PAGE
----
These arrangements include the following: Note that these options are not mutually exclusive—a state could adopt some or all of these measures.
Of course, a different version of this argument could simply appeal to the truth of a particular religion and to the good of obtaining salvation, but given the persistent intractability of settling such questions, this would be a much more difficult argument to make.
Against these positions, the liberal tradition has generally opposed establishment in all of the aforementioned forms.
The second pair of sections is devoted to problems that, for the most part, have come to the fore of discussion only in recent times: (3) liberal citizenship and its demands on private self-understanding; and (4) the role of religion in public deliberation.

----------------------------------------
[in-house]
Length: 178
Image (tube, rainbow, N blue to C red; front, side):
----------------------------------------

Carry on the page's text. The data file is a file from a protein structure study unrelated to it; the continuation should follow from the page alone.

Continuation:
While the topic of establishment has receded in importance at present, it has been central to political thought in the West since at least the days of Constantine.
Moreover, there has been a growing interest in minority groups and the political rights and entitlements they are due.
One result of this interest is substantial attention given to the particular concerns and needs of minority groups who are distinguished by their religion, as opposed to ethnicity, gender, or wealth.
If all people have such a right, then it is morally wrong for the state to force them to participate in religious practices and institutions that they would otherwise oppose, such as forcing them to take part in public prayer.
It is also wrong, for the same reason, to force people to support financially (via taxation) religious institutions and communities that they would not otherwise wish to support.
This cohesion in turn is dependent on a substantial amount of cultural homogeneity, especially with respect to adherence to certain values.
One way of ensuring this kind of homogeneity is to enact one of the forms of establishment mentioned above, such as displaying religious symbols in political buildings and monuments, or by including references to a particular religion in political ceremonies.